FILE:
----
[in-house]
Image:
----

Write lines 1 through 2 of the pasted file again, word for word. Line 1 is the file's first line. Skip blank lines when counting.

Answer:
[in-house]
Image: